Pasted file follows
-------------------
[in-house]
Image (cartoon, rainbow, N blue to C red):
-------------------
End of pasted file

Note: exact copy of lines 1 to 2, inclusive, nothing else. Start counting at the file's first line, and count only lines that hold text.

[in-house]
Image (cartoon, rainbow, N blue to C red):